Translation:A village

July 31, 2016

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To a native speaker: Does this audio sound odd at all?


A bit. The sounds are okay, the intonation is a bit off.

I also looked in the Incubator, and there are three reports saying that it sounds like "wiesz". I am sorry, but to a native speaker it does not sound like that at all. Ś and SZ are totally different sounds. Yeah, I know that foreigners have quite a problem even noticing the difference sometimes, but for us it's weird that one can not notice the difference.


According to my "Teach yourself Polish" book, "sz" is like "sh" in a word such as "shoe", and "ś" is more of a "hissing" sound. It would be good to have a sound file somewhere with the two words "wiesz" and "wieś" for comparison purposes.


https://www.ivona.com/pl/ "Maja" is voice used in the course, but you might try others too.


Now, that is way neat!


Yes. I hear colloquial (more rural) word "wieleś".


How do you pronouce it different to "you know" wiesz?


with much practice.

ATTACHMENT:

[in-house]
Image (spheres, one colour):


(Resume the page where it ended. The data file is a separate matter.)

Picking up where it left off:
Unfortunately I'm just a native speaker.

What I can tell you is that I put my lips together (like to whistle) when I say "sz", but I'm "smiling" for "s"


You can read this thread or look at chapter one of this PDF.


The subtle differences between 'ś' and 'sz' sounds are comparable to the subtle differences between the dental factive sounds 'th' in 'this' and 'th' in 'the'.


What is the difference between "the" and "this"? I've never heard this before


There isn't really a difference; probably something like "think" and "this" is what was meant.

Thinking about it, I've never heard of "dental factive"; I guess "dental fricative" is meant here. The difference between the two types of "th" has to do with the voiced/unvoiced nature of the pronunciation.


Yeah, that must have been what was meant. "the" and "this" are both voiced, so I didn't understand what they meant.


They are both voiced, but they are different because of the following vowel. Sz has the sides of the mouth closer than ś.


A villager is a wieśniak, which can also be used to refer to an uncultured person as well.


An equivalent is also used in British Eng, where the word "peasant" can be used as a mild insult.


'wieśniak' seems to me indeed more like a 'peasant'. Is there something offensive in 'villager'? A 'neutral' way to say 'villager' would be 'mieszkaniec wsi', so just "a person living in a village".


Why not wieś = a countryside?


I believe that countryside is uncountable, so you need a definite article.

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